Record water levels in the Great Lakes and surrounding rivers have left some businesses scrambling as the tourist season is in full swing. Owners of the Thousand Islands Playhouse, a theatre in Gananoque, Ont. Source
  • Uber's new electric bikes hit roadblocks in Montreal

    Canada News CTV News
    Montreal is the first Canadian city to introduce Uber JUMP, a fleet of pedal-assisted electric bikes that can be locked at any bike rack across the city. But just weeks after the ride-sharing program launched, users have already been accused of thwarting the rules of the road. Source
  • U.S. imposes strict travel limits on Iran's UN diplomats

    World News CBC News
    The U.S. is tightly limiting travel by Iranian officials visiting or assigned to the United Nations, sparking concern from the world body. Representatives to the UN from Iran and some other countries have long had some limitations on their movements. Source
  • Maskwacis RCMP investigate deaths of toddlers found in body of water

    Canada News CTV News
    MASKWACIS, Alta. - Alberta RCMP are investigating the deaths of a young brother and sister found in a body of water on private property near Maskwacis. Police began looking for the toddlers in the early evening on Wednesday. Source
  • Crowd chants 'send her back' as Trump rails against Ilhan Omar

    World News CTV News
    The crowd at a rally held by U.S. President Donald Trump in Greenville, N.C., broke into chants of “send her back” as the president railed against Democratic Rep. Ilhan Omar Wednesday, days after he posted racist tweets about Omar and three of her fellow congresswomen. Source
  • 'Problem' bear terrorizes couple at remote N.W.T. lake

    Canada News CBC News
    A grizzly bear that terrorized a couple for roughly 12 hours on a remote lake in the Northwest Territories was known to be a problem, according to a territorial wildlife officer. The man and woman, who are originally from the U.S. Source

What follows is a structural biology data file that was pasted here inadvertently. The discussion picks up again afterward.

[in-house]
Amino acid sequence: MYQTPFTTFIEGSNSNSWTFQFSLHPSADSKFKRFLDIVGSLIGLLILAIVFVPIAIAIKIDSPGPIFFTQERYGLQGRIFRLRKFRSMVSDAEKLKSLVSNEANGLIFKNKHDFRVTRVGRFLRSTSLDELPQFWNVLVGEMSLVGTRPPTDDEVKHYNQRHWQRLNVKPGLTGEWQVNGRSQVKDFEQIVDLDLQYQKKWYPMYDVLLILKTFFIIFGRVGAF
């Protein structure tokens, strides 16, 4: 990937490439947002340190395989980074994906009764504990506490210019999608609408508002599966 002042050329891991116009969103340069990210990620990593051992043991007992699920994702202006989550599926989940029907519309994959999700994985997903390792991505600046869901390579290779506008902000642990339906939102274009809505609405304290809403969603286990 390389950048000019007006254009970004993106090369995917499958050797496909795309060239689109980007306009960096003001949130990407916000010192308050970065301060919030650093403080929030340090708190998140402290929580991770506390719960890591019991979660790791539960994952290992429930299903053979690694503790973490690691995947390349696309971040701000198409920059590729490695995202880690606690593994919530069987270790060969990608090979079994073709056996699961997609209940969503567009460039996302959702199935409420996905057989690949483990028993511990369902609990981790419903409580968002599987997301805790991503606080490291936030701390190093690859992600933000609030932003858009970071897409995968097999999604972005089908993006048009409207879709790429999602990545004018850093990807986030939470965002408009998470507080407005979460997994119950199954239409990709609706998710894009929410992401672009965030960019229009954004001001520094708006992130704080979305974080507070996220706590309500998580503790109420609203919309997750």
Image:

• Protest erupts in New York after police officer avoids charges in Eric Garner chokehold case

    World News CBC News
    Several hundred people took to the streets of New York on Wednesday to protest a decision by the U.S. Department of Justice not to bring federal charges against a police officer accused in the chokehold death of an unarmed black man in 2014. Source
  • 'Hey Eric Trump': Ontario man calls out U.S. president's son for using child's image in tweet

    World News CBC News
    An Ontario man is calling out a member of the Trump family for using an image of his young son as part of a political attack on those opposing the American president. Jeremy Rupke says Donald Trump's son Eric showed "disrespect" and lack of forethought when he included an image of four-year-old Mason Rupke in a recent social media broadside against Democrats. Source
  • National rules needed for emotional-service animals: Rempel

    Canada News CBC News
    A Conservative MP says she would like to see national standards on the right to have emotional-service animals in public spaces after watching her husband encounter numerous barriers while travelling in Canada with his dog, Midas. Source
  • 320,000 litres of oil and produced water spills at Alberta facility

    Canada News CTV News
    SWAN HILLS, Alta. - A large spill of crude oil and produced water at a Cardinal Energy facility near Swan Hills is being cleaned up. The Alberta Energy Regulator has few details about Saturday's spill on its compliance reporting website. Source